Hunting the Traffickers of Thailand’s Tiger Farms
BANGKOK – When the Thai Wildlife Authorities moved in to shut down the infamous tiger temple at the end of May, they exposed a lot more than just the various irregularities in that one facility.
The horrifying sight of tiger fetuses preserved in bottles, and the shriveled, frozen remains of other cubs, suddenly cast the popular tourist attraction into a more sinister light. Was this evidence of illegal trade in tiger parts?
As it happens, few experts believe the cub carcasses have much value. The bones, skin, teeth, claws and meat of adult tigers are where the money is made. Officials of Thailand’s Department of National Parks, who closed the temple zoo and removed its 147 tigers, did find some evidence of trafficking: amulets containing tiger claws, and a truck attempting to leave the temple with two skins and other small parts. At least three adult tigers had gone missing two years earlier.
Thailand’s Department of National Parks, Deputy Director Adisorn Noochdumrong, suggested continuous involvement in small-scale illegal trafficking by the temple’s managers. But his bigger concern is the criminal networks he believes have been encouraging the trade, from this and other so-called “tiger farms”.
There are at least 30 such farms in Thailand, where intensive breeding takes place. They are not illegal but the lack of records in the temple zoo illustrates the weak regulation of these places and allows the possibility of tiger trafficking.
“I am quite certain there is a network behind what he have discovered at the temple,” said Adisorn. “The temple would not run this alone but tiger trading is hard to verify. The networks are sophisticated and hard to monitor. Influential people are involved.”
Adisorn and his team have tried to trace the origins of the impounded tigers through their DNA. He believes there are seven original parent animals, two Siberian tigers, one Malayan tiger and four that died some years ago, for which he has no information.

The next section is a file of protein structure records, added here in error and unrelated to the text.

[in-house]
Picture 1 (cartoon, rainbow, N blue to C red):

All tigers must be registered with the DNP under Thai law and agreements upheld by Cites, an international treaty to protect endangered species from irresponsible trading. All deaths, births and transfers must also be recorded. But this was not happening. Any argument that breeding these particular tigers was to help in their conservation makes no sense, as they are a mix of different subspecies.
Thailand is a hub for the illegal wildlife trade, funneling endangered animals from Africa and other parts of Asia through neighboring Laos, where law enforcement is especially weak, and on to Vietnam and China, where the demand is.
International pressure has pushed the Thai authorities to become more active in intercepting contraband wildlife shipments but little is being done to break up the syndicates running the trade. Very few arrests have been made.
Campaigners monitoring the trade say “farmed” tigers are brought into trafficking all too easily because of the lack of regulation and enforcement. It is difficult to tell whether a carcass belongs to a wild or captive tiger but Thai officials believe at least 30% of those being trafficked come from a captive origin.
Often they will be drowned in special submersion cages to avoid damaging the valuable skin. Traffickers then “float” the wrapped carcasses in the Mekong river from the Thai side and have them picked up by smugglers on the Laotian side. Continue Reading… Click Here
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